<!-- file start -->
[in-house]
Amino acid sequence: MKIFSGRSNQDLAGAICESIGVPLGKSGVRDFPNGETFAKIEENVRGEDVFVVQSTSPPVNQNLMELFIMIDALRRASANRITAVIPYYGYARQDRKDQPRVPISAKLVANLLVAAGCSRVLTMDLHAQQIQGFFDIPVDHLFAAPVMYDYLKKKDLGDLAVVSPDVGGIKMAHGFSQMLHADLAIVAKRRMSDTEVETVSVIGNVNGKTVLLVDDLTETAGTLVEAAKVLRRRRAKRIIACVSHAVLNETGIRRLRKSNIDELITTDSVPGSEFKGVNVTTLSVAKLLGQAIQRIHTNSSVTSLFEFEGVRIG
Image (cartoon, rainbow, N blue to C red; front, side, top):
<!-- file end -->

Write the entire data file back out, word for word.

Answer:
[in-house]
Amino acid sequence: MKIFSGRSNQDLAGAICESIGVPLGKSGVRDFPNGETFAKIEENVRGEDVFVVQSTSPPVNQNLMELFIMIDALRRASANRITAVIPYYGYARQDRKDQPRVPISAKLVANLLVAAGCSRVLTMDLHAQQIQGFFDIPVDHLFAAPVMYDYLKKKDLGDLAVVSPDVGGIKMAHGFSQMLHADLAIVAKRRMSDTEVETVSVIGNVNGKTVLLVDDLTETAGTLVEAAKVLRRRRAKRIIACVSHAVLNETGIRRLRKSNIDELITTDSVPGSEFKGVNVTTLSVAKLLGQAIQRIHTNSSVTSLFEFEGVRIG
Image (cartoon, rainbow, N blue to C red; front, side, top):